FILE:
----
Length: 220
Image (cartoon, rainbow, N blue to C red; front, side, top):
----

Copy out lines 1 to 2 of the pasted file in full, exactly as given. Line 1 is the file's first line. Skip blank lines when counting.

Length: 220
Image (cartoon, rainbow, N blue to C red; front, side, top):